If you have any problems related to the accessibility of any content (or if you want to request that a specific publication be accessible), please contact (firstname.lastname@example.org)
Two Tales of a Region: Japan, the Philippines, and the Economic Theory of Alliances
AltmetricsView Usage Statistics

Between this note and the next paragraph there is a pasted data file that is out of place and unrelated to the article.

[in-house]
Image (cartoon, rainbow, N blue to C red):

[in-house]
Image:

In Asia, there is an argument among the literature that the rise of China is causing a split in the region’s security and economic hierarchy. China is a growing potential superpower, and it is providing economic incentives towards states traditionally allied with the United States. This paper’s research focus is aimed at looking at the alliance maintenance of the non-major powers in Asia, and how they react to two contesting great powers that provide different incentives. The hypothesis of this paper is that the economic condition of a state affects with whom these non-major powers strengthen their relationship with. A formal model was constructed to portray how economic conditions affect the choice of alliance maintenance when paired with the perception of external threat. A critical case comparison was used to test this hypothesis using the cases of Japan and the Philippines. The analysis supported the hypothesis. A state’s economic condition, coupled with perception of external threat, affects its alliance maintenance in a condition where security and economy are oppositional to each other.